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Emily St. John Mandel was born in Canada and studied dance at The School of Toronto Dance Theatre. She is the author of the novels Last Night in Montreal, The Singer's Gun, The Lola Quartet and Station Eleven and is a staff writer for The Millions. She is married and lives in New York.
Author photo © Dese'Rae L. Stage
Maxim Jakubowski's April 2015 Book of the Month. Following the multi-award nominations of her 4th novel, the subtle post-apocalyptic Station Eleven, Mandel's earlier novels are finally being released in the UK and this, her first, is a poignant masterpiece (the other two, equally worthy of attention are The Singer's Gun and The Lola Quartet). A bleak but enchanting tale of lost souls, fathers and daughters, existential detectives, dancers and drifters set against the emptiness of the American (and Canadian) dream, it's a tale that weaves fragile connections between its characters and parallel stories, not quite a crime investigation -although crimes do take place-, not quite a love story -although love is the engine of the plot. Inevitable sadness, transient joys, most of all this is about the hole inside our souls and it affected me deeply. I might not have have made it sound terribly cheerful but be brave and jump into Mandel's fascinating world.
Winner of the Arthur C Clarke Award for Science Fiction 2015. Longlisted for the Baileys Women's Prize for Fiction 2015. Following four wonderful literary crime novels (to be issued in the UK later), Canadian author Mandel breaks through with a beautifully modulated post-apocalypse tale, where a virus has decimated the world and a troupe of musicians and Shakespearean actors tour the Great Lakes area and hold up the flame of culture and civilisation. Through the prism of a variety of interlinked characters before and after the fall of society, Mandel offers a melancholy and poetic lullaby for the power of art and the succour of relationships. Full of striking images and strands: the rise and fall of a Falstaffian actor, the coming of age of a young girl in a brand new world, an airport that becomes a museum for humanity, the stark realities of a land now at war with itself and full of feral survivors, a comic strip whose provenance is prophetic, Mandel weaves a clever and moving web that will stay with you for a very long time. Chair of the Arthur C. Clarke Award judges, Andrew M Butler, said: “While many post-apocalypse novels focus on the survival of humanity, Station Eleven focuses instead on the survival of our culture, with the novel becoming an elegy for the hyper-globalised present.” Maxim Jakubowski October 2014 Highly Recommended. Sarah Broadhurst's view.. Not another plague apocalyptic book you cry! Oh yes, only this one is a bit special. It describes the ‘end of civilisation as we know it’ and the accompanying death of most of the world’s population in a highly effective, gentle way. Short snippets tell of gigantic events. We get lives before and after the ‘Georgia flu’ concentrating on an actor, a comic graphic artist and a group of travelling performers. The comic, starring one Dr Eleven, links both sections in a poignant manner. This is a very impressive work, a thrilling tale, a must read.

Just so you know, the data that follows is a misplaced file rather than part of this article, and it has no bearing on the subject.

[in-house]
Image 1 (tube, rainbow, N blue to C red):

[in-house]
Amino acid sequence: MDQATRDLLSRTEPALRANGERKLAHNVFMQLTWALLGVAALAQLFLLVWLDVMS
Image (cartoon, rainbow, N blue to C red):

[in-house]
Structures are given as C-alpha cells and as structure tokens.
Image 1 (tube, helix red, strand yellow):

The extraordinary novel from the bestselling, award-winning author of Station Eleven Vincent is the beautiful bartender at the Hotel Caiette, a five-star glass-and-cedar palace on the northernmost tip of Vancouver Island. New York financier Jonathan Alkaitis owns the hotel. When he passes Vincent his card with a tip, it's the beginning of their life together. That same day, a hooded figure scrawls a note on the windowed wall of the hotel: 'Why don't you swallow broken glass.' Leon Prevant, a shipping executive for a company called Neptune-Avramidis, sees the note from the hotel bar and is shaken to his core. Thirteen years later Vincent mysteriously disappears from the deck of a Neptune-Avramidis ship. Weaving together the lives of these characters, Emily St John Mandel's The Glass Hotel moves between the ship, the skyscrapers of Manhattan, and the wilderness of remote British Columbia, painting a breathtaking picture of greed and guilt, fantasy and delusion, art and the ghosts of our pasts.